• Evaluating current practice and proposing a system to enhance knowledge assets within a small software development unit

      Fannoun, Sufian; Kerins, John; The University of Chester (IEEE, 2018-06-25)
      Knowledge management and knowledge transfer within organisations challenge continuity and resilience in the face of changing environments. While issues are principally addressed within large organisations, there is scope to evaluate how knowledge assets are managed within small and medium enterprises and to consider how the process might be enhanced. The research reported here aimed to evaluate practice within an evolving software development unit to understand how knowledge has been acquired and utilised to further organisational development. In-depth interviews were carried out with members of the unit to elicit an understanding of individual and collective learning. Qualitative analysis of the data revealed key changes in thinking and practice as well as insight into the development of individuals' contextual knowledge and tacit understanding. This analysis led to the proposal of a bespoke, lightweight web-based system to support knowledge capture and organisational learning. This work is still in progress but it is anticipated that the results will provide a potentially novel and beneficial method for enhancing knowledge assets in small enterprises and consolidating valuable, and potentially scarce, expertise.
    • Experimental and theoretical study of a piezoelectric vibration energy harvester under high temperature

      Arroyo, Emmanuelle; Jia, Yu; Du, Sijun; Chen, Shao-Tuan; Seshia, Ashwin A.; University of Cambridge; University of Chester (IEEE, 2017-08-01)
      This paper focuses on studying the effect of increasing the ambient temperature up to 160 °C on the power harvested by an MEMS piezoelectric micro-cantilever manufactured using an aluminum nitride-on-silicon fabrication process. An experimental study shows that the peak output power decreases by 60% to 70% depending on the input acceleration. A theoretical study establishes the relationship of all important parameters with temperature and includes them into a temperature-dependent model. This model shows that around 50% of the power drop can be explained by a decreasing quality factor, and that thermal stresses account for around 30% of this decrease.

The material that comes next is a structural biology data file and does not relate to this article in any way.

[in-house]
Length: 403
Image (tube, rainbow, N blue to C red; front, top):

• Formal Verification of Astronaut-Rover Teams for Planetary Surface Operations

      Webster, Matt; Dennis, Louise A; Dixon, Clare; Fisher, Michael; Stocker, Richard; Sierhuis, Maarten; University of Liverpool; University of Chester; Ejenta, inc.
      This paper describes an approach to assuring the reliability of autonomous systems for Astronaut-Rover (ASRO) teams using the formal verification of models in the Brahms multi-agent modelling language. Planetary surface rovers have proven essential to several manned and unmanned missions to the moon and Mars. The first rovers were tele- or manuallyoperated, but autonomous systems are increasingly being used to increase the effectiveness and range of rover operations on missions such as the NASA Mars Science Laboratory. It is anticipated that future manned missions to the moon and Mars will use autonomous rovers to assist astronauts during extravehicular activity (EVA), including science, technical and construction operations. These ASRO teams have the potential to significantly increase the safety and efficiency of surface operations. We describe a new Brahms model in which an autonomous rover may perform several different activities including assisting an astronaut during EVA. These activities compete for the autonomous rovers “attention’ and therefore the rover must decide which activity is currently the most important and engage in that activity. The Brahms model also includes an astronaut agent, which models an astronauts predicted behaviour during an EVA. The rover must also respond to the astronauts activities. We show how this Brahms model can be simulated using the Brahms integrated development environment. The model can then also be formally verified with respect to system requirements using the SPIN model checker, through automatic translation from Brahms to PROMELA (the input language for SPIN). We show that such formal verification can be used to determine that mission- and safety critical operations are conducted correctly, and therefore increase the reliability of autonomous systems for planetary rovers in ASRO teams.